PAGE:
It’s thrilling to be part of a historical moment, when women are stepping into the political arena in record-breaking numbers. They’re tossing their hats into the ring — from the left, right and center — in national, statewide and local races.
I still remember my first visits to the voting booth, brought by my parents to see American democracy in action. And I’m sentimental thinking about how not long after my own (now-grown) daughter could walk, she was “helping me” push the levers in the voting booth.
I didn’t have to fight for the right to vote; I’m indebted to those who did. Women bring unique perspectives and experiences when it comes to income inequality, race relations and education, and, of course, gender equality.
Today, as we march forward for women’s equality, we must also include women’s health equity.
In the past few months, we’ve seen woman after woman speak out publicly to share deeply personal stories about health inequity. Some are women whose excruciating pain is dismissed and told it’s just in their imaginations. Others are misdiagnosed because their symptoms didn’t meet the male model. There are women prescribed medications based on men’s bodies.
These stories are nothing new — but now they’re being heard and read, and their voices are resonating.
My hope is that we’ll see real change, in much the way that #MeToo brought women’s sexual harassment stories into the light, creating an unprecedented cultural shift.
This year’s candidates know that health care is a top issue for American voters. Our responsibility? To make sure they know we expect them to advance women’s health equity, that we want more than just a nod. We expect change.
Statistically speaking, women live longer than men. But women also live “sicker.” Many serious conditions and chronic illnesses afflict more women than men. Autoimmune diseases, which are three times more common in women, take roughly five years to be correctly diagnosed, and female-specific conditions like endometriosis often take a decade of doctor visits before they are accurately diagnosed.
We’ve seen how our government can play a powerful role in change. It’s been only 30 years since the FDA lifted its ban on women in clinical trials. According to a recent article in the Journal of the American College of Cardiology, women average 46 percent of cardiology research subjects. Some studies show women’s participation as low as 22 percent. That’s a lot more than zero, but it’s far from enough when heart disease is the No. 1 killer of American women, taking the lives of more women each year than all cancers combined.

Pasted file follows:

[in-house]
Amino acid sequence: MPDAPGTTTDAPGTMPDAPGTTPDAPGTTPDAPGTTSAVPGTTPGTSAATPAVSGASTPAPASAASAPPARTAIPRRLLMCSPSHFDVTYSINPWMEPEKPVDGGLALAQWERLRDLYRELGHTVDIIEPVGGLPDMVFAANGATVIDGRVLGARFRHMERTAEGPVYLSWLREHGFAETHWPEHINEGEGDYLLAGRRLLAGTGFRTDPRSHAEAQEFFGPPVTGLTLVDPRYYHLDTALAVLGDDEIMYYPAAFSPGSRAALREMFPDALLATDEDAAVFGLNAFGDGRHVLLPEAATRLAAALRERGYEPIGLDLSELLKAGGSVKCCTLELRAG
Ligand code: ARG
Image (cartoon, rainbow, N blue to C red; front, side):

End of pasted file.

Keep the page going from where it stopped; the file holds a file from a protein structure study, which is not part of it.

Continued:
Did you know that women are nearly three times more likely to die following a serious heart attack than men, according to another recent study in the cardiology journal? Did you know that women and men respond differently to many drugs, including blood pressure medicine, anesthesia and aspirin, according to the National Institutes of Health?
Each of us must speak out to improve maternal health outcomes and preserve women’s access to free and low-cost preventive services — like well-women visits, mammograms, diabetes screening and nutrition counseling. And we must work together to elect leaders who will invest in research, ensure accountability throughout our health care system and champion access to quality, affordable and equitable care.
I recently came across a small piece of women’s history that resonated deeply with me. Back in 1918, Hadassah urged President Woodrow Wilson to support suffrage — via telegram. After all, it said, Jewish women living in the Jewish mandate of Palestine already had the right. Within a year, American women did, too.
Making our voices heard at the polls is essential, an honor and a hard-won right. Human decency demands we use our voices and votes to save lives, to push for national and local policies that will bring equity to research, prevention, treatment and access to quality care.
Health — including women’s health equity — is not a partisan issue. We must make it clear that candidates who want our vote must commit to protecting women’s health and working toward a high-quality, affordable and equitable health care system for all. And each of us must do whatever we can to help get out the vote.
If you’ve never been part of a voter registration drive, now’s the moment. Remember, you’re not just doing it for yourself but for your daughters, your granddaughters and future generations to come.
Ellen Hershkin is national president of Hadassah, the Women’s Zionist Organization of America. Hadassah founded the Coalition for Women’s Health Equality in 2016. This article first appeared on JTA.org.